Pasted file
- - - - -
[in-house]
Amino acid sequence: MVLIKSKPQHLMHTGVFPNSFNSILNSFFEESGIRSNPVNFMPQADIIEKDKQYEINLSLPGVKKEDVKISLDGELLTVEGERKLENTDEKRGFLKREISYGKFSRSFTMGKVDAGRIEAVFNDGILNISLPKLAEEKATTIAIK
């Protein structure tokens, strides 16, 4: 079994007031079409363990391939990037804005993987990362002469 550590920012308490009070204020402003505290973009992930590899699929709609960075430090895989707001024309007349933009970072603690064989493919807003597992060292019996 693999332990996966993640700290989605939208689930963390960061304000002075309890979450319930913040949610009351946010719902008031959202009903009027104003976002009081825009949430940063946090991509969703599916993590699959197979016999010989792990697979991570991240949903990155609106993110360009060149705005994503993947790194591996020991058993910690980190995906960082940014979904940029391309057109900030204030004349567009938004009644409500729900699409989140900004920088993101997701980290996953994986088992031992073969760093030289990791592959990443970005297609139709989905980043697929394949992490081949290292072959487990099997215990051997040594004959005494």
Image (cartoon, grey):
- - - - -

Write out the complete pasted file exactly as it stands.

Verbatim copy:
[in-house]
Amino acid sequence: MVLIKSKPQHLMHTGVFPNSFNSILNSFFEESGIRSNPVNFMPQADIIEKDKQYEINLSLPGVKKEDVKISLDGELLTVEGERKLENTDEKRGFLKREISYGKFSRSFTMGKVDAGRIEAVFNDGILNISLPKLAEEKATTIAIK
């Protein structure tokens, strides 16, 4: 079994007031079409363990391939990037804005993987990362002469 550590920012308490009070204020402003505290973009992930590899699929709609960075430090895989707001024309007349933009970072603690064989493919807003597992060292019996 693999332990996966993640700290989605939208689930963390960061304000002075309890979450319930913040949610009351946010719902008031959202009903009027104003976002009081825009949430940063946090991509969703599916993590699959197979016999010989792990697979991570991240949903990155609106993110360009060149705005994503993947790194591996020991058993910690980190995906960082940014979904940029391309057109900030204030004349567009938004009644409500729900699409989140900004920088993101997701980290996953994986088992031992073969760093030289990791592959990443970005297609139709989905980043697929394949992490081949290292072959487990099997215990051997040594004959005494």
Image (cartoon, grey):